Seriously? Is there some need to generally make your life miserable, or is this a case of a noble effort to teach your son a valuable lesson. As in, " Son, NOW you understand why you don't drag low end, eurotrash cars out of the weeds, spend countless hours and thousands of dollars, only to end up with a spectacularly unreliable piece of shit? " BTW, as a deleriously happy former Passat owner, I have some very valuable advice. First the "common problem areas" you speak of start at the badge on the grille, and end as the exhaust exits the rear. If, in the first year of this project, you drop less than $3-4K making this thing semi road worthy, and keep it from riding the hook home several times, it will be a fucking miracle. Secondly, and most important, call the salvage yard, ask what they are paying for cars, and for a name of somebody who will tow it there cheaply, then do the right thing.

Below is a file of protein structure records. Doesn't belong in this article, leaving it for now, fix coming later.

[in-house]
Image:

I haven't heard anyone mention the windows falling down due to the cheap ass little plastic piece on the motor regulator that holds it up. Another one of those "common" problems because every dealer in town stocks the entire inside door panel that you have to replace.
I'm a two time loser, bought a 99 Passat becasue it drove so well, had amazing interior space and felt so quality built. We put several thousand into it before finding someone silly enough to buy it and then we got a 2001 Passat wagon to replace it.
Happiest day of VW ownership was sticking it to the dealer on a trade-in for a Honda Pilot. Over five years with only routine maintenance on the Honda.
My daughter's boyfriend just got a 2003 Passat for his first car. I just smiled....that kid doesn't realize the fun he has in store.